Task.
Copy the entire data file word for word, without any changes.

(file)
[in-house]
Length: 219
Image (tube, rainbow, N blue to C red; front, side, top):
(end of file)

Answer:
[in-house]
Length: 219
Image (tube, rainbow, N blue to C red; front, side, top):